Once you watch Arizona congressman Ruben Gallego’s announcement video for his Senate run (embedded below), you’ll probably reach the same conclusion I did: Kyrsten Sinema truly better watch out – because this guy is tough, determined, and endearing.
It is powerful, comes off as heartfelt, and is honestly inspiring, especially since he wisely does not shy away from talking about the rough parts of his life – from growing up poor and losing friends serving in Iraq, to suffering through PTSD.
He also has a tremendously moving story: the son of a single, immigrant mother, he worked his way into Harvard, then decided to join the military to defend the country he loves.
This is truly a Lincoln-esque rags-to-riches tale.
Now, I know we’re living in a cynical, Donald Trump/George Santos world, with a political landscape filled with liars, fakers, and self-aggrandizers.
But unlike Ms. Sinema, who is busy hobnobbing at Davos and selling designer clothes online, Gallego comes off as a down-to-earth father and husband who understands what it means to have to struggle.
Heck, he even uses the same skillet to cook his family pancakes that I do.
At this point, of course, practically anyone seems preferable to Senator Sinema (or perhaps it should be “Senator Cinema”).
I myself would vote for Tickle Me Elmo before her, if I could.
But Gallego is a truly excellent alternative, and Democrats seem to be uniting behind him.
Yet there is a danger here as well.
Sinema has successfully sabotaged things in a way that may hand victory over to a Republican, which could affect the balance of power in the Senate.
The 2024 Arizona Senate race, in fact, is a good example of one of the major, major flaws of our “first-past-the-post” system.
If you’ll forgive me, dear reader, I have to get a little political sciencey for a moment (though the term itself is flawed, since politics is more art than science).
In the US, we have what’s known as a majoritarian first-past-the-post, or FPTP, system.
That means that whoever gets a plurality of the vote for many races – including senator in most states – gets the position, even if that person only wins a minority of the total vote.
If there was a three-way race in Arizona, for instance, between Sinema (Independent), Gallego (Democrat), and, say, Kari Lake (Lunatic), and Sinema got 32%, Gallego 33%, and Lake 35%, Arizona would get a lunatic senator, even though 65% of Arizonans voted against her and she would likely lose in a heads-up match against either candidate.
This type of voting system is considered responsible for something known as “Duverger’s Law,” which states that when there is a majoritarian, FPTP system, we wind up with just two parties because no other ideology can garner enough support to compete.
In proportional representation systems – used very effectively throughout the world – smaller parties can win seats by winning small percentages of the vote, and can grow in time to become major parties, leading to a greater diversity of ideas.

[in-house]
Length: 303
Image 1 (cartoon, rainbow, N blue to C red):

Other countries use systems that ensure a candidate who wins is the preferred choice of the majority of people.
France, for instance, has runoffs to avoid this problem.
Ireland, New Zealand, and Australia use ranked-choice voting, which transfers a voter’s preference to another candidate once their first choice has been eliminated in a previous round.
It’s a bit more time-consuming, but much more democratic and much more efficient in terms of accurately representing voter preferences.
In the US, only Georgia and Louisiana have runoffs, while Alaska and Maine have versions of ranked-choice voting.
A number of cities and counties, including New York City, have also embraced ranked-choice.
But the other 48 states still use FPTP – that major flaw that would allow someone like Lake to sneak into the Senate through the back door.
The same problem exists, of course, for presidential elections, wherein a candidate simply needs to win a majority of the Electoral College, but can slide in with only a plurality of the popular vote – the only vote that should matter (mind you, no other country has an Electoral College either – an archaic system that diverts us from the popular will).
I thank you for permitting that academic digression.
Getting back to Ms. Sinema: She’s going to try to appeal to independent and centrist Democratic voters in Arizona, a significant portion of whom might split their votes between her and Mr. Gallego, which could allow for a Lake or a Blake Masters (at least as bad as Lake) to win with a united Republican vote.
This is where Rob Reiner comes in.
Rob, we need you to do your thing and offer Kyrsten Sinema a job as costume designer for one of your productions.
Meathead – and I use the term with great affection, of course – we need you to step in and fix this.
Let Kyrsten be the costume person on one of your sets and she’ll immediately quit politics.
Let her go wild, designing all sorts of elaborate get-ups.
She’ll love it, and you’d be doing the entire country a huge favor.
And then we can get Ruben in the Senate.
Once you watch the video below, you’ll see why we need him.
Growing up poor, all I had was the American dream. It kept me going: as a kid sleeping on the floor, a student scrubbing toilets, a Marine losing brothers in Iraq.
Today, too many Arizonans see their dream slipping away. I’m running for the U.S. Senate to win it back for you! pic.twitter.com/ofUvUYRcTP
— Ruben Gallego (@RubenGallego) January 23, 2023
What do you say, Rob?
Are ya in?
Meathead is probably scratching his head because of how much of a loon Ross is, but you can still follow him on Twitter by clicking on @RossRosenfeld.